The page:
CPFilms also manufactures various films for use in tapes, automotive badging, optical and colored filters, shades, packaging, computer touch screens, electroluminescent displays, and cathode ray tube and flat-panel monitors.


CPFilms operates facilities in Martinsville, Virginia; Canoga Park, California; and Runcorn, U.K.

Other Performance Products. SAFLEX® is the world's largest producer of PVB (Polyvinyl Butyral) sheet, a plastic interlayer used in the manufacture of laminated glass for automotive and architectural applications. In addition to PVB sheet, which is mostly marketed under the SAFLEX® brand, we manufacture specialty intermediate PVB resin products sold under the BUTVAR® brand, optical grade PVB resin and plasticizer.

PVB is a specialty resin used in the production of laminated safety glass sheet, an adhesive interlayer with high tensile strength, impact resistance, transparency and elasticity that make it particularly useful in the production of safety glass. Laminated safety glass is predominately produced with PVB sheet and is legislated in all industrialized countries for automobile windshields. Developing countries also use laminated safety glass in automotive windshields though it is not formally legislated. Approximately 45% of sales to the automotive sector are for aftermarket replacement windows. Architectural laminated safety glass is widely used in the construction of modern office buildings, airports, and residential homes. Other applications for PVB resin include non-sheet applications such as wash primers and other surface coatings, specialty adhesive formulations, and inks.

The SAFLEX® business operates facilities in Antwerp, Belgium; Ghent, Belgium; Newport, Wales (U.K.); Santo Toribio, Mexico; Sao Jose dos Campos, Brazil; Singapore; Springfield, Massachusetts; and Trenton, Michigan.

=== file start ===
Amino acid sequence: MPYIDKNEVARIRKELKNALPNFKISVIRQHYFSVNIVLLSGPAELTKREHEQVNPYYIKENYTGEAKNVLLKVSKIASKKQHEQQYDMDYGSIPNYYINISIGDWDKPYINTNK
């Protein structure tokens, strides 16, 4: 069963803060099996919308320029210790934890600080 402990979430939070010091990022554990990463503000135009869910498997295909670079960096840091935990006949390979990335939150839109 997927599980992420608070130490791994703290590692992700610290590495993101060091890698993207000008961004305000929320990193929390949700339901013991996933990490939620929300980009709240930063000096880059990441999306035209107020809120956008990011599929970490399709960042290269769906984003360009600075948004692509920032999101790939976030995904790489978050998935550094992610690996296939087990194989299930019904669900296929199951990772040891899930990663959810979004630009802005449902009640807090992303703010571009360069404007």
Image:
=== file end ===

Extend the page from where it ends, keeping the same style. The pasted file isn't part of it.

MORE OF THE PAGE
The Specialty Products business represents a unique set of niche businesses serving a diverse set of markets and end users in the aerospace, manufacturing and industrial end markets.

The principal product lines of the Specialty Products business are as follows:

HEAT TRANSFER FLUIDS - THERMINOL ® heat transfer fluids used for indirect heating or cooling of chemical processes in various types of industrial equipment and in solar energy power systems. The fluids provide enhanced pumping characteristics because they remain thermally stable at high and low temperatures.

AVIATION FLUIDS - SKYDROL® brand aviation hydraulic fluids and SKYKLEEN® brand of aviation solvents supplied across the aviation industry. The SKYRDROL® line includes fire-resistant hydraulic fluids, which are used in more than half of the world's commercial aircraft.

PLASTIC PRODUCTS - a variety of products including entrance matting and automotive spray suppression flaps sold under the brands ASTROTURF®, CLEAN MACHINE® and CLEAR PASS™.

Heat transfer fluids are manufactured in Anniston, Alabama; Alvin, Texas (Chocolate Bayou); Newport, Wales (U.K.); and Sao Jose dos Campos, Brazil. Aviation Fluids are manufactured in Anniston, Alabama. Plastic products are manufactured in Ghent, Belgium and St. Louis, Missouri.

Integrated Nylon

Integrated Nylon consists of nylon plastics, fiber and intermediate chemical products used in construction, automotive, consumer and industrial applications.

Integrated Nylon comprises an integrated family of nylon products, as follows:

•

Our VYDYNE ® nylon molding resins, ASCEND ® nylon polymers and nylon industrial fibers, which are sold into the automotive, engineered thermoplastic, apparel, textile, commercial and industrial markets in products such as knit clothing, dental floss, tires, airbags, molded automotive parts, conveyor belts, cooking bags, food packaging and camping gear.

•

Our nylon carpet staple and nylon bulk continuous filament which are sold under the WEAR-DATED ® brand for residential carpet and the ULTRON ® brand for commercial carpet, as well as under private labels for the residential, commercial and industrial markets.

Sale of Products

We sell our products directly to end users in various industries, principally by using our own sales force, and, to a lesser extent, by using distributors.